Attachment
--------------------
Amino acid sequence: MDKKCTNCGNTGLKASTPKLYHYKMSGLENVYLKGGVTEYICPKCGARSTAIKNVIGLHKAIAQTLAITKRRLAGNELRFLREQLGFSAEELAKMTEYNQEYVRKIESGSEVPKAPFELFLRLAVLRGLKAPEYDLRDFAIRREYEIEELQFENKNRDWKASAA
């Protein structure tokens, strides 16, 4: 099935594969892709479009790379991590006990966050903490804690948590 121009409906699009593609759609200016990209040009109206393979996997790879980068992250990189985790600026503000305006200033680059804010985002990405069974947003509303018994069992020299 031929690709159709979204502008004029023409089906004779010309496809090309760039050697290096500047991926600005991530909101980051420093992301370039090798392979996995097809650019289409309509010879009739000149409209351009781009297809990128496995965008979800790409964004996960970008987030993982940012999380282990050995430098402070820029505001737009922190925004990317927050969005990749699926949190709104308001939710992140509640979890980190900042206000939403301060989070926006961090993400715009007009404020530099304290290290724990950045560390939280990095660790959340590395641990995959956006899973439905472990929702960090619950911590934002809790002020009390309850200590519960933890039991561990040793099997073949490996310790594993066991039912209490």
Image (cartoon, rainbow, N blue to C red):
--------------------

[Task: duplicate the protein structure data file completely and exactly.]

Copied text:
Amino acid sequence: MDKKCTNCGNTGLKASTPKLYHYKMSGLENVYLKGGVTEYICPKCGARSTAIKNVIGLHKAIAQTLAITKRRLAGNELRFLREQLGFSAEELAKMTEYNQEYVRKIESGSEVPKAPFELFLRLAVLRGLKAPEYDLRDFAIRREYEIEELQFENKNRDWKASAA
């Protein structure tokens, strides 16, 4: 099935594969892709479009790379991590006990966050903490804690948590 121009409906699009593609759609200016990209040009109206393979996997790879980068992250990189985790600026503000305006200033680059804010985002990405069974947003509303018994069992020299 031929690709159709979204502008004029023409089906004779010309496809090309760039050697290096500047991926600005991530909101980051420093992301370039090798392979996995097809650019289409309509010879009739000149409209351009781009297809990128496995965008979800790409964004996960970008987030993982940012999380282990050995430098402070820029505001737009922190925004990317927050969005990749699926949190709104308001939710992140509640979890980190900042206000939403301060989070926006961090993400715009007009404020530099304290290290724990950045560390939280990095660790959340590395641990995959956006899973439905472990929702960090619950911590934002809790002020009390309850200590519960933890039991561990040793099997073949490996310790594993066991039912209490």
Image (cartoon, rainbow, N blue to C red):